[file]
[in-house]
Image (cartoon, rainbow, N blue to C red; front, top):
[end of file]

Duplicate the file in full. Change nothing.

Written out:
[in-house]
Image (cartoon, rainbow, N blue to C red; front, top):